Amid all the recent noise of Mac OS X viruses, worms, and security exploits, something not obvious at first has become crystal clear.
Apple’s strategy to increase Mac market share at the expense of Microsoft’s Windows involves a Trojan Horse—developed and delivered by Apple and aimed at Windows users.
That’s right. Apple has a Trojan Horse. The payload is as insidious, devastating, and dangerous to Microsoft as the original Greek Trojan Horse built to end the siege of Troy (yes, a myth, but it’s relevant).
A Trojan Horse carries a surprise, yet poses as a gift. What could Apple provide to Windows users that would look, on the outside, like something wonderful, something they can’t get from Microsoft and Windows?
Yet, the very act of a Windows customer accepting Apple’s Trojan Horse sets into motion a series of events which slowly erode Microsoft’s dominant market share position, undermines their customers confidence in Windows (some say Microsoft does that on their own).
Think about the situation. Apple is highly profitable and swimming in cash. Sales are increasing steadily, and the switch to Intel chips on the Mac appears to be going well.
Apple’s iPod and iTunes and iTunes Music Store ecosystem dominates portable music players, online music and video downloads, and will be a quick leader in online movie sales.
Most of those iPod sales are to Windows users who apparently love Apple’s ecosystem approach to a product.
What’s not to like? Apple’s market share for the Mac remains miniscule when compared to Windows, despite some erosion in the past year.
Apple’s challenge is to provide Windows users with a Trojan Horse; something they adore and find pleasing, yet inside is a payload of tragic consequences; not for Windows users, but for Microsoft.
After all, just making Windows users happy and willing to shell out money for an Apple product is one thing, getting more of them to switch to more Apple products is something else.
What is Apple’s Trojan Horse? The iPod.
No, it’s not the iPod shuffle or the iPod nano or the iPod with video. It’s the iPod and the wonderfully well tuned ecosystem that Apple produces, that Mac users have know about for years.
Windows users love the iPod. They love iTunes. Obviously, with over a billion songs sold, they love iTunes Music Store. But Windows users are not yet flocking in huge numbers to Macs and Mac OS X.
They will. As soon as Apple delivers the Trojan Horse.
The first step in this delightfully subtle strategy was the first few generations of the iPod. Windows users have purchased iPods by the millions.
The second step in the Trojan Horse strategy is Intel Inside. The very name “Intel” means Apple’s Mac is now within the comfort zone of product acceptability for many Windows users.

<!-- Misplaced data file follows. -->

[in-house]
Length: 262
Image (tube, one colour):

Most don’t truly understand much about Intel or the chips inside their Windows PCs, but they know the name, Intel. Intel stands for PC. If Macs have Intel Inside then that must be a good thing. It is.
To get a Mac into the hands and onto the desks of Windows users, Apple needs to deliver the next generation Trojan Horse. The next generation of iPods.
Hear me out. It’s the fear of change that prevents many millions of the Windows minions from switching from Windows to Macs. For some, the anger and fear of putting up with Windows’ problems causes them to switch to Macs.
For most, though, the feat of unfamiliar territory, the Mac itself, prevents the switch. Apple’s Trojan Horse strategy is about to remove those last fears, and will set into motion a steady decline in Microsoft’s monopoly dominance of the home PC, then the office PC.
The iPod and the ecosystem are comfortable for Windows users. The iPod will morph into a portable Mac. Think “iPad.” An iPod that has a larger screen, is faster, has wireless, has Intel Inside, and does everything that an iPod does now only bigger and better and cooler.
The iPad will run Mac OS X. It’s a Mac, but Apple won’t call it a Mac.
It’ll be an iPod. An iPad. It’s the next step in Apple’s Trojan Horse strategy to win the hearts and minds of Windows PC users.
Mac mini? Newton? No, iPad. Smaller than a Newton but with generations more punch.
Smaller than a Windows Origami ultra mobile notebook PC, but with more cool factor, and more capability. It’s an ecosystem that works.
It’s not a Mac. It’s the next generation iPod. The iPad. It runs Mac OS X on Intel. Windows users will buy it because it’s cool, hip, charming and part of a great ecosystem, that just works.
Upscale models will feature wireless and a built-in iSight camera. A more mobile version of the iPad will be called the iPhone and seamlessly integrates movies and video with the iPad, and synchronizes effortlessly with iTunes on Windows (and Mac).
When? This year. The delivery of a series of Trojan Horses to Windows users that has already begun. By the end of 2007, Apple will have completed a prosperous transition to Intel chips on the Mac line, and advanced the iPod, morphed the iPod, into a Mac for the masses of Windows users.
It just won’t be called a Mac. It’s an iPod. A Trojan Horse from Apple.